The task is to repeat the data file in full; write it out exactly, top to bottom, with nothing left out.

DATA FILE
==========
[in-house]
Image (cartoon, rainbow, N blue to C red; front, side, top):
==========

[in-house]
Image (cartoon, rainbow, N blue to C red; front, side, top):